Good lord! You bought that thing on purpose?!

-Yup, I did. I bought it.

What is it? Some sort of deformed ugly boxwood? You bought a boxwood??? Ewwww. You are dead to me.

-Well, actually no. Look closer. See the spiny leaves? They actually gave me a rash when I planted it this afternoon.

That’s…a…good thing?

-Well, it does mean that the deer won’t like to eat it. Plus, it has other great features too. It is a broadleaf evergreen that likes dry shade. I mean deep, dark, dry shade that is so dark that it puts the black forest to shame and so dry that the Atacama Desert seems like a lush tropical paradise by comparison… I exaggerate a little, but look I planted it in a place so dark that the camera didn’t even have enough light to focus properly.

It looks fake and plasticy. So, what is it?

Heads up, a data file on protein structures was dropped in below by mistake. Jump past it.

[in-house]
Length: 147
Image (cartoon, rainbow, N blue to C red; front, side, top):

-It’s a butcher’s broom. Ruscus aculeatus ‘Wheeler’s Variety’ to be exact. The really cool thing about this plant is that all these leaves…

-…aren’t really leaves. They are modified stems called cladodes. And see those little brown nubbins on the back side of the cladodes?

-Those are flower buds that will bloom and eventually develop into red berries (seen here at Dancing Oaks Nursery). You may recall that I showed another Ruscus with flowers a few weeks ago.

Ok, I have to admit, that is pretty cool. So it is deer resistant and tolerant of dry shade? Sign me up!

The stats

  • Slow growing broadleaf evergreen from northern Africa, western Asia, and Europe.
  • Zone 7-9.
  • Asparagus family (Asparagaceae)
  • Takes dense shade.
  • Drought tolerant.
  • Deer resistant.


Ok, the old spiny growth may be deer resistant, but not the succulent new growth!

New growth of butchers broom nibbled by deer.

I was quite lucky to find this rather large plant in a 5 gallon pot size at Dancing Oaks Nursery a few weeks ago. This one is about 18 inches tall and has many stems. Normally, it takes years to get to this size. I planted a little 2 inch band pot with 2 little sprigs about 4 inches tall in 2014. It is 10% the size of this plant….

My advice is to get a bigger plant like this 5 gallon one while you can!